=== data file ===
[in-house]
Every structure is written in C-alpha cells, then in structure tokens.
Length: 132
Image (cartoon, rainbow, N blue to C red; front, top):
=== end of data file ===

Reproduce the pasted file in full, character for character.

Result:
[in-house]
Every structure is written in C-alpha cells, then in structure tokens.
Length: 132
Image (cartoon, rainbow, N blue to C red; front, top):